Your profit or loss is directly tied to how much you wager on an option. The more you wager the more you can win or lose. All traders should keep their risk on each trade to a small percentage of account capital.
The attached screenshot shows USD/JPY binary option. Adjust the "Amount $" to change the amount you wish to bet.
Binary Options Fees and Capital Requirements
Typically there are no fees to open or close a binary options trade. The broker makes money on the spread between what they pay winners and what they take from losers on each trade.
Fees may apply if you request to close a binary trade before expiry. Broker specifications vary, but typically this fee will be a percentage of the amount wagered. The fee varies based on whether the option is in a winning position at the time of closure ("in the money") or if the option is in a losing position ("out of the money").
Binary option trading accounts can typically be opened for $100 or more. Note the minimum trade amount, though. Some brokers allow you to bet as little as $1 per trade, while others have a $10 or $20 minimum. Since you only want to risk a small percentage of your account on each, if you're opening a small account--$500 or less--look for brokers that allow you to bet in increments of $1.
Binary Options Pros and Cons
A 60% to 85% payout may seem like a great deal, but you are risking 100%. If a broker is taking 100% from the loser and only paying out 60% to 85% to the winner, they are taking the 15% to 40% difference for themselves. Your losses will always be bigger than your winners; this violates one of the cardinal rules for most traders--if you want to succeed, winners should be bigger than losers.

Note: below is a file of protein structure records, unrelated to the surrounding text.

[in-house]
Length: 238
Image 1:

The binary options industry outside the U.S. is largely unregulated, with many brokers making up their own rules and not adhering to the financial standards required of reputable, regulated companies. The Securities and Exchange Commission (SEC) has issued fraud alert warnings on a number of occasions warning investors of potential pitfalls of trading binary options.
The positives are that it is a low barriers market to enter. Just because it is easy to set up an account and understand how the options work doesn't mean it is easy to make money, though. But risk is fixed, so if you bet $10 on a trade the most you can lose on that trade is $10. In traditional markets (stocks, forex, futures) you could receive slippage on an order, resulting in a larger loss than expected.
Final Word on Trading Binary Options
Binary options present a yes or no proposition. Will the price of an underlying asset be above or below a specific price at a specific time? Buy a Call or Put depending on what you believe. Your risk to limited to the amount you wager on that trade, and if you are correct you'll receive a fixed payout. Binary options are a low barrier market to enter but come with risks. Mainly, the industry is largely unregulated and prone to fraud. There is very little standardization, so one broker could vary drastically from another. Read all the fine print if opening a binary options account, and research any broker you opt to deposit funds with.